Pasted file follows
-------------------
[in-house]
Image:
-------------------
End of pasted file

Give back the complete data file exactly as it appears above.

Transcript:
[in-house]
Image: